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By Chris McBeath

When I think of Daytona, Florida, three things come to mind: bikers, beaches and NASCAR racing. Sure, bikers still rule this beachside community for one week each Spring, but in a recent visit, I discovered that this seaside community is reinventing itself as an action-packed destination for the entire family. And the changes are evolving with the speed so synonymous with the Daytona name.

Speed is what enticed me here. That, and all those reality shows. I'm no contender for American Idol, but when I heard that anyone could tackle the NASCAR track, my curiosity peaked. After all, Daytona Beach was the birthplace of speed and this, I told myself, was research.

In the early 1900s, Daytona's white, hard-packed sands earned considerable celebrity status for enabling new land-speed records, and by the time the first Daytona 500 ran in 1959, racing was truly entrenched in the American psyche. Still today, many NASCAR drivers get their start on the dust-choking, slippery dirt-tracks of Middle America, where they spin their wheels onto whatever chassis they can throw together. Few questions are asked. No license is required. It's the most raw, pure-guts racing around.

Since opening in July 1996, Daytona USA has not only become the icon oval for dirt-racers, it's also like the Disney world of auto racing. Flanked by five-storey high, 165,000 capacity bleachers, trolley tours navigate around the 480-acre arena and its 30-acre lake. The IMAX presentation has you rumbling in your seat, and the hands-on simulators will test your mettle on the fast track.

But I had come here for a reality show. So, under the heat of the midday sun and the background roar of engines, I joined a gaggle of NASCAR wannabes to get suited up in gear that had me sweltering with heat, and nerves.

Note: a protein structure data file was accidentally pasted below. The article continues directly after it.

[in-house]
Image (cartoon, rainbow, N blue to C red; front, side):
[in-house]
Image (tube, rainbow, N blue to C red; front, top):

Because the car doors are welded shut, both driver and passenger must slip into the vehicle through their respective windows - a surprisingly easy maneuver even for the 250 pound man ahead of me. Being a fan of NASCAR driver Tony Stewart, I had chosen car number 20 in the hope that my driver would be of similar championship stock. Peering at me like a road bandit from behind his visor, though, he simply nodded a thumb's up and we were away. Whoa .... within seconds, I was being propelled into the high bank at some 150 mph. The sheer velocity of the adrenalin-stoked ride pushed my harnessed body deep into the seat, and my jowls shivered uncontrollably beneath my helmet. Around we went, overtaking the car with my heavyweight companion on the outside curve as we clocked 160, 162, 165 mph. The 32-degree high bank loomed up as quickly as it dissolved into the straight-away, only to confront us an instant later. Then came a white flag, a checkered flag and just as quickly, the hell-bent-for-leather, white-knuckled, heart-pounding 'must-do' speed experience was over. For some, it was more than enough. For me, it was a cruel taste of exhilaration and I realize I'm hooked. Next time I'm going for the multi-day session that'll put me behind the wheel.

Thankfully, speed isn't the only thing that defines the new Daytona these days. Hotels are sprouting up on seemingly every sea-lined block and the beach, all 36 miles of it, provides for all manner of beach-based activities: parasailing, jet-ski and banana boat rentals, and swimming with the dolphins to name a few. Surfing may not rival Hawaii's big rollers, but for family fun, the shallow Atlantic waves fit the bill.

History, too, isn't confined to the sands. Ponce de Leon Inlet Light Station, an 1887 working lighthouse soars to 175ft nearby, and Spruce Creek, a 2,000 natural reserve, makes for a terrific day trip along the pristine black water creek-be it by kayak, canoe or pontoon. For me, however, the dichotomy of Daytona's speed experience came as I drifted into the sunrise at 4 mph. Hot air ballooning is the very antithesis of road-racing, but as I floated above marshlands filled with wildlife and sparkling waterways, speed came to mean something very different. And that's just what Daytona is becoming. Something very different.


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1. Car # 20 (Photo: Bill Vanderford)
2. Stepping into Car (Photo: Chris McBeath)
3. Ponce de Leon Lighthouse (Photo: Bill Vanderford)
4. Kayaking on Spruce Creek (Photo: Chris McBeath)

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